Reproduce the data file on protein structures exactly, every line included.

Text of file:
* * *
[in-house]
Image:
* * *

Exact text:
[in-house]
Image: